Republican Chris Christie spoke with Bush White House advisor Karl Rove about running for governor of New Jersey while Christie was serving as the states’s top federal prosecutor, testimony released by the House Judiciary Committee on Tuesday shows.
Although U.S. Attorneys are political appointments of presidents, the prosecutors aren’t supposed to carry out their law enforcement duties in a political manner. Gov. Jon Corzine (D) is lagging behind Christie in polls for the November election. The Corzine campaign has seized on the revelation to raise doubts about Christie’s tenure as U.S. Attorney from 2001 until last December, and to portray him as close to former President George W. Bush, who is unpopular in New Jersey.
In a July 7 appearance before the panel, Rove said of Christie:
“I talked to him twice in the last couple of years, perhaps one time while I was at the White House and once or twice since I left the White House, but not regarding his duties as U.S. Attorney, but regarding his interest in running for governor, and he asked me questions about who — who were good people that knew about running for Governor that he could talk to.”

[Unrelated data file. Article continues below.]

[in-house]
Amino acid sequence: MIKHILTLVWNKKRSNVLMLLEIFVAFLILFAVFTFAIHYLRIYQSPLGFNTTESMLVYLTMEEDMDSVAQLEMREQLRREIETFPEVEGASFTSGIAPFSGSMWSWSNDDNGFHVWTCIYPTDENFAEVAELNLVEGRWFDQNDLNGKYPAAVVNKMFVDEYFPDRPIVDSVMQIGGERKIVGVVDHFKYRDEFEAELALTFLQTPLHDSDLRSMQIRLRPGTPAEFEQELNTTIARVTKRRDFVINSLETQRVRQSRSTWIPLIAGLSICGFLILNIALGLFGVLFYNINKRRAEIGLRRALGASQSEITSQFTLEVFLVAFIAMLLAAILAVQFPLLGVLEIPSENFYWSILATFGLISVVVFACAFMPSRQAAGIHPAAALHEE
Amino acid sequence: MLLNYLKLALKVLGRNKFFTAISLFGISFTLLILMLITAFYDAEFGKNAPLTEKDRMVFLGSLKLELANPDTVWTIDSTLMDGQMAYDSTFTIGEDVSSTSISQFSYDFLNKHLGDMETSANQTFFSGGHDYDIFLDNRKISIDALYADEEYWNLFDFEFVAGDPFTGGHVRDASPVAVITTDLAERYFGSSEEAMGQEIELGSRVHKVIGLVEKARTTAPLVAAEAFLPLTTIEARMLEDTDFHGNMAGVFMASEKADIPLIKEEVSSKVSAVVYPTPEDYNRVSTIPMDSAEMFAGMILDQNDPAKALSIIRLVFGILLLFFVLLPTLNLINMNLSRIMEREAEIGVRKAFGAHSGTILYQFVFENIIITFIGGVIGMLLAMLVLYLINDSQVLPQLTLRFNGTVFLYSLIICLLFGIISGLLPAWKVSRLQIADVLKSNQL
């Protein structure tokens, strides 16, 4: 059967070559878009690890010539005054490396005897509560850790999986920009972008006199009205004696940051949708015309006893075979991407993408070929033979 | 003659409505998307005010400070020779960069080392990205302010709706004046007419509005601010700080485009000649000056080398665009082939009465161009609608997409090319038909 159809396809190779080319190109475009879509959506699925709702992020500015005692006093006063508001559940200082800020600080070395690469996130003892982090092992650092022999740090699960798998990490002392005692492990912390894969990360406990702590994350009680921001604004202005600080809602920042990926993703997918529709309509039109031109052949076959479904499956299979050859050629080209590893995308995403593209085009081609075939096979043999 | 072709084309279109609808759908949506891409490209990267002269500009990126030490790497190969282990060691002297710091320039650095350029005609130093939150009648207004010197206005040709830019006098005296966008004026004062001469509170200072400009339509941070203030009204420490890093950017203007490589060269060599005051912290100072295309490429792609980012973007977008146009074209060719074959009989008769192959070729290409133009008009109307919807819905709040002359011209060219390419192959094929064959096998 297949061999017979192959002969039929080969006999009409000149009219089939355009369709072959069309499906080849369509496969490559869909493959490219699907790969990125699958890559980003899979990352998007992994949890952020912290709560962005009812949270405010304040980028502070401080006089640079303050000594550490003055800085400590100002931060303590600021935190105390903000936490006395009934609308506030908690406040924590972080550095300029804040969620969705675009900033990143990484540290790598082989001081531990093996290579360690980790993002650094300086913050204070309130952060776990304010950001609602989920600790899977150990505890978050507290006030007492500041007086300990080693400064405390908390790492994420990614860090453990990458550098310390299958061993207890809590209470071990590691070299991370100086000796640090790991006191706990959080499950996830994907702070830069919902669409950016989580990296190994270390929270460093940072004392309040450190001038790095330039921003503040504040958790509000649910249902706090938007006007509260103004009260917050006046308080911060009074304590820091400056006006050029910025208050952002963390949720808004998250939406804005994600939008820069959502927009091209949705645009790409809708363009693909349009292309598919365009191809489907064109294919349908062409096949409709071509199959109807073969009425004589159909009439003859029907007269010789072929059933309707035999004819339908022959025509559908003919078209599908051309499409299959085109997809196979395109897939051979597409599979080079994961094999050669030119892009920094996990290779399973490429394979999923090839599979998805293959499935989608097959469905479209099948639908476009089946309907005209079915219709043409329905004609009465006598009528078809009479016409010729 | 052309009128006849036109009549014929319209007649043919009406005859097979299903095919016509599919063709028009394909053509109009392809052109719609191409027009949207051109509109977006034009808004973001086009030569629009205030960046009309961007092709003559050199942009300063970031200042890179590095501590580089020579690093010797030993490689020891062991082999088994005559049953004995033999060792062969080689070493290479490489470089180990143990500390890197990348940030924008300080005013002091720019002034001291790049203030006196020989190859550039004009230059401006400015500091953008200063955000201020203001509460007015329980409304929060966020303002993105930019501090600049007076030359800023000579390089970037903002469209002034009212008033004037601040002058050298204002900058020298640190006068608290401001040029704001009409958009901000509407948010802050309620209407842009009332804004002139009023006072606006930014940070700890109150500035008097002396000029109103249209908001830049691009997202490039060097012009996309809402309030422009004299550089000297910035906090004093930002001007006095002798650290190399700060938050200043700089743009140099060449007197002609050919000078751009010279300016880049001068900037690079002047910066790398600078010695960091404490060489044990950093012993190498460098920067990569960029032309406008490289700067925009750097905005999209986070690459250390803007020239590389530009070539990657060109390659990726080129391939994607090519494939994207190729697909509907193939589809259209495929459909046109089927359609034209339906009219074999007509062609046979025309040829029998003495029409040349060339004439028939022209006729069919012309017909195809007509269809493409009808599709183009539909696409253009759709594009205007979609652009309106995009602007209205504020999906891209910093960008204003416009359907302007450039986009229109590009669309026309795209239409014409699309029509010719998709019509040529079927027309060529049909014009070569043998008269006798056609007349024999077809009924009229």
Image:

Rove testified for the panel’s investigation of the Bush administration’s mass firings of U.S. Attorneys in 2006. His testimony was released on Tuesday.
Read the Star-Ledger story about it here.
State Sen. Loretta Weinberg, who is Corzine’s lieutenant governor running mate, told the Star Ledger:
“This to me puts to bed the claim that he did not think about running for governor until he left the U.S. Attorney’s Office and had done a lot of soul searching before he made his decision,” Weinberg said. “He obviously was not only thinking of running for governor, he was seeking input from the White House deputy chief of staff, George Bush’s chief strategist.”
But Christie spokeswoman Maria Comella told the Star-Ledger:
“In this informal conversation, Chris discussed with Mr. Rove the fact he was being urged to run for elected office and Mr. Rove in turn offered to recommend people who could help Chris reach a decision if he eventually seriously considered running for office.”
Corzine communications director Sean Darcy gave this statement to TPM:
It’s pretty clear now that Christie was running a gubernatorial campaign out of the United States Attorney’s office with the Bush White House and Bush’s political brain, Karl Rove. Christie now has to answer a number of questions, including:
When did the planning start for his gubernatorial campaign?
Who was involved with the planning, including members of the United States Attorney’s office?
How did all of this impact his investigations, including prosecutorial decisions?